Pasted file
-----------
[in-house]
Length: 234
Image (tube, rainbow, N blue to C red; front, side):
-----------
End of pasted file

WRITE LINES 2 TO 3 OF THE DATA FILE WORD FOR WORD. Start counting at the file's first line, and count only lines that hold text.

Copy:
Length: 234
Image (tube, rainbow, N blue to C red; front, side):